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I'm running Chrome on Linux. I have local DNS to resolve *.myname.com into 127.0.0.2 (I type "host whatever.myname.com" or "host myname.com" and I see the correct address). However in Chrome when I type "myname.com" it is redirected to "www.myname.com" and solve the "real" website that I don't want.

Only when I type "test.myname.com", not "www.myname.com", Chrome correctly resolves it into 127.0.0.2. I guess Chrome is trying to do funky thing with www.anything.com and anything.com.

How to fix it?

PS: the local DNS I'm using is dnsmasq. If I explicitely put myname.com into /etc/hosts Chrome resolves it correctly into 127.0.0.2, but I can't use wildcard in /etc/hosts.

PPS: I can confirm at chrome://net-internals/#dns that Chrome correctly myname.com and www.myname.com into the real public IP.

2 Answers 2

6

In fact Chrome was using it own DNS client that talks with multiple DNS servers (the local DNS, the router DNS, the router DNS in IPv6). I go to chrome://flags and disable "Built-in Asynchronous DNS". Now it works.

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  • 2
    The "Built-in Asynchronous DNS" flag was removed from Google Chrome, thereby disabling the "fix" for this. chromium.googlesource.com/chromium/src/+/… (from superuser.com/a/887191/109126)
    – jcisio
    Mar 9, 2015 at 11:54
  • 6
    This option was removed from Chrome, remove the answer to prevent confusion, or downvotes :D
    – sorin
    Apr 24, 2015 at 9:15
  • 1
    There's still some kind of issue here. I'm using Chrome 56 on Linux Mint, and it takes several minutes to resolve addresses after connecting to a VPN. Firefox does it immediately. It's seems that Chrome takes awhile to see changes in /etc/resolv.conf.
    – orodbhen
    Feb 22, 2017 at 12:21
  • 1
    It's still valid in Chrome for Android. The option is called "Async DNS resolver" (chrome://flags/#enable-async-dns)
    – MaxChinni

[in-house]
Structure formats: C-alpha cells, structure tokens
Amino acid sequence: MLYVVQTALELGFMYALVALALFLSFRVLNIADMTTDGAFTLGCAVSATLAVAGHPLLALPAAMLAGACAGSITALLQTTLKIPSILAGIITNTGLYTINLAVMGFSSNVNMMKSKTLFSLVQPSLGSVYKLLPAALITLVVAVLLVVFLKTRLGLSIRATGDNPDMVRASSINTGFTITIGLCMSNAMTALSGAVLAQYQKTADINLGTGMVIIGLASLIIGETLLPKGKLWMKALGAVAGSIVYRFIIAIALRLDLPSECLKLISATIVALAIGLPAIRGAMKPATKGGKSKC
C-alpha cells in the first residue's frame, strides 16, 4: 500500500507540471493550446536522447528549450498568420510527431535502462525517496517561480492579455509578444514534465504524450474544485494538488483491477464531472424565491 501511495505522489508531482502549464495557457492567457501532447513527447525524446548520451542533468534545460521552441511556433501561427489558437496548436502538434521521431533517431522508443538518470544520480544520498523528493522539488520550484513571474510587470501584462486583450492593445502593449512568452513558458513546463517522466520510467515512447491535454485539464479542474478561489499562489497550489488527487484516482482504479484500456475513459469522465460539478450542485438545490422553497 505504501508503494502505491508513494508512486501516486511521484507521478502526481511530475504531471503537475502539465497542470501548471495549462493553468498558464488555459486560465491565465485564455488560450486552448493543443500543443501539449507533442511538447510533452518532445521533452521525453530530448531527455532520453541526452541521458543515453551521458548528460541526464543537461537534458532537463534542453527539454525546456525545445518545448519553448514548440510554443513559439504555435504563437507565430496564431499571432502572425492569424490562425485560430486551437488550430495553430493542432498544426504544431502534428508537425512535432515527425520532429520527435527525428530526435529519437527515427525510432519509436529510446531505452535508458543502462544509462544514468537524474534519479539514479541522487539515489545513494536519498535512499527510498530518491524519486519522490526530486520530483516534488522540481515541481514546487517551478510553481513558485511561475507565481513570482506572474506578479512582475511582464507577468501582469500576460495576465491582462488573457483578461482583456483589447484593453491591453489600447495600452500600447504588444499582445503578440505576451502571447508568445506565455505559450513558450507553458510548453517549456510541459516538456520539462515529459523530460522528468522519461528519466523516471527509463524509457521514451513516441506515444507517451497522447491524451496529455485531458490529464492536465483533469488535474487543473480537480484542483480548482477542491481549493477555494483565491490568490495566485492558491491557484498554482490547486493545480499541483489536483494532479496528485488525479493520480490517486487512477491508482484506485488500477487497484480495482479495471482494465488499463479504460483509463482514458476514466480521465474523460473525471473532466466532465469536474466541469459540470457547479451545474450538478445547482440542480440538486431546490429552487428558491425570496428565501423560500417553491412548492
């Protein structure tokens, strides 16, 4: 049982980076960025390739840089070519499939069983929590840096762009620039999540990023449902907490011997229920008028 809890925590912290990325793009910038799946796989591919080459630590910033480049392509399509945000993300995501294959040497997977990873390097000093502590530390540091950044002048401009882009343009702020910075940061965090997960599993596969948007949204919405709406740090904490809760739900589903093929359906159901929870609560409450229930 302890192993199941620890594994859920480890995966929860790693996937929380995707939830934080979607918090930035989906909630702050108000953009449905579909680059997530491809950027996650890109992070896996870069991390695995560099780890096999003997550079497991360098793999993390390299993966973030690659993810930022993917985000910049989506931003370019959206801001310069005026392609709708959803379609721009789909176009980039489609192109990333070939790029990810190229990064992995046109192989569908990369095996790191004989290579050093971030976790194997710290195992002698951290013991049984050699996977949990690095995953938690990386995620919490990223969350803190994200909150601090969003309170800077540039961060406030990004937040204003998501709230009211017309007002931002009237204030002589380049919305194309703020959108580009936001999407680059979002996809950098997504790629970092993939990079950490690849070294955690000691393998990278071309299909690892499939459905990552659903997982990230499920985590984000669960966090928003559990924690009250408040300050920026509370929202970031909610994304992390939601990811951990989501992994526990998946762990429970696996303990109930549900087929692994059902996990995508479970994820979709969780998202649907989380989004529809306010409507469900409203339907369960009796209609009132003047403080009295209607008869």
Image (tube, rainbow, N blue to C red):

Apr 4, 2018 at 10:18
  • 1
    there is no such option in 69+ and disabling chrome://flags/#enable-new-preconnect (mentions DNS) doesn't help
    – vladkras
    Sep 20, 2018 at 15:44
1

You can change your proxy settings and force it to use the address you want.

Open a new file, with .pac extention, those files are used by the system to determine proxies, copy this to the content of the file:

function FindProxyForURL(url, host) {
    if (host=='www.myname.com' || host=='myname.com'){
        return 'PROXY 127.0.0.2';
    }
    // All other domains should connect directly without a proxy
    return "DIRECT";
}

go to chrome proxy settings, and under "url for automatic proxy configuration" enter the path to that file.

no need to have DNS server, you can redirect it to different ports on the machine, and you can program it for your needs.

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  • 1
    I used it when I used Mac, because in OS X I can use the .pac file for the whole system. Not in Linux AFAIK (it does not work with wget, curl etc.).
    – jcisio
    Oct 10, 2013 at 10:50
  • what linux do you have? (i have kubuntu and it's working)
    – Ohad Cohen
    Oct 10, 2013 at 10:54
  • Archlinux + KDE. I just don't believe Chrome settings can change OS behavior in the console.
    – jcisio
    Oct 10, 2013 at 13:23
  • chrome proxy settings just open system proxy settings
    – Ohad Cohen
    Oct 10, 2013 at 15:00
  • Thanks, I've just tested with xubuntu in my netbook. It couldnot open the systme proxy settings (the page chrome://linux-proxy-config/ gave an error). I'll try with my Archlinux later.
    – jcisio
    Oct 10, 2013 at 18:35

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